What To Eat in South Dakota
Good steaks are an expected pleasure in a land where cattle and buffalo roam. We also are especially fond of South Dakota’s ways to please a sweet tooth, from atomic sundaes in vintage soda fountains to bakeries that are devoted exclusively to cookies.
All sorts of berries are available for picking when summer comes to South Dakota, and bakers make the most of them in pies. The one known as bumbleberry is especially popular in local cafes. It is a mix of whatever's ripe, usually including blueberries, rhubarb, strawberries, raspberries, and, when available, huckleberries.
Bison meat makes good sausages and steaks as well as powerhouse burgers. Its sweeter flavor and more rugged texture, well-abetted by a kaleidoscope of spice, yields an only-in-the-West eating experience.
A dish unique to South Dakota, chislic is beef (sometimes bison) that is well-marinated, then deep-fried to crusty-edged succulence. Its origins are Russian, where pork was the favored meat. In fact, it has become a favorite way to prepare just about any wild game in the Mount Rushmore State.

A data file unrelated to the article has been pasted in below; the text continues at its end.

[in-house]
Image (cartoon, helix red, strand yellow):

The Cookie Jar is a great sweet-tooth stop in South Dakota. There are big cookies and really big ones, pretty and plain, Monsters and snickerdoodles.
Horseshoe Bar in the South Dakota Badlands is worth a trek on the road less traveled. You'll encounter friendly faces and a small menu of affordable local meat.
Wild West ambiance, large-portion meals, and close proximity to Badlands National Park are a few good reasons to visit Badlands Saloon & Grille.
With a casual atmosphere and well-priced, satisfying meals as well as masterful coffees, Essence of Coffee in Rapid City is a South Dakota treasure.
This former gas station and snack shop has been serving local game and comfort food to 'hungry-mous' travelers since 1949. A super prairie stop, Roadfood-style.
Broasted chicken is served sizzling hot; burgers are hand-pattied; cyclones (milk shakes) are made from scratch at South Dakota's Murdo Drive-In.
Bumpin' Buffalo serves fine burgers, but is more noteworthy for its chislic, a South Dakota specialty of marinated, deep-fried hunks of sirloin.
Pie's the thing here in Custer, South Dakota (bumbleberry and rhubarb are especially good); and there's a pre-pie menu of sandwiches, soup, chili and BBQ.
The Tea Steak House of South Dakota offers heartland beef at its best: filets, t-bones, sirloins, plus great hash browns all add up to carnivore satisfaction.